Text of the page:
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Concert Review: David Byrne and St. Vincent, 5th Avenue Theatre, Seattle, WA 10/17/12

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A match made in musical heaven, David Byrne and Annie Clark—better known as St. Vincent—brought their thrilling show to a sold-out Seattle crowd Wednesday in a performance that highlighted individual strengths while also proving there’s quite a bit of aesthetic overlap between the two. Both supreme ironists with a knack for simultaneously embracing and undercutting pop convention, Byrne and Clark ran through almost the entirety of their excellent collaboration Love This Giant while making plenty of room for their respective solo work, and of course, some Talking Heads numbers.

David Byrne & St. Vincent at Seattle's 5th Avenue Theatre. Photo by Dusty Somers.

Backed by the horn section that informs every inch of Love This Giant, the duo recreated much of the album, imbuing standouts “Who” and “I Should Watch TV” with an extra dose of warm bombast. But even more striking were the ways the brass section informed and transformed songs written without it. Ever in motion, the horn players turned into a singular, ominous force during St. Vincent’s “Marrow,” her pleas to “H-E-L-P, help me” matched by an encroaching brass threat surrounding her. Her latest, Strange Mercy (actually written in Seattle), got quite a bit of play, with the highlight being a blistering, apocalyptic rendition of “Northern Lights,” her swirling, jagged guitar work underpinned by mournful horns.

Byrne’s off-kilter creative stamp was visible on the entire production, from his bemused pre-show recommendation to not spend the whole concert viewing it through your phone camera to the charmingly deliberate choreography. But he probably spent as much time out of the spotlight as in it, often stepping back to allow Clark to do her thing, mouthing quietly along to her lyrics. He spent one song lying on his side, nearly motionless the entire time. When he did take center stage, well, it was just as delightful as one would hope. A quizzical, joyful “This Must Be the Place (Naïve Melody)” and a raucous “Burning Down the House” were matched by lesser known songs like the X-Press 2/Byrne collab “Lazy.”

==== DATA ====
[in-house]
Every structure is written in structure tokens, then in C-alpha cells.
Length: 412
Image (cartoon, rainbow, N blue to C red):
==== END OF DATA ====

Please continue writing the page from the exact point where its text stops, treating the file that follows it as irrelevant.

Together, Byrne and Clark proved their intergenerational blend of adventurous pop music, leavened with doses of funk, jazz, world and hip-hop flavor, works even better live than it does on record. Byrne is a serial collaborator, but as their tour winds to a close, I hope that this isn’t the last we hear of these two together.

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About Dusty Somers

Dusty Somers is a Seattle-based editor and writer. He is a member of the Online Film Critics Society and Seattle Theater Writers.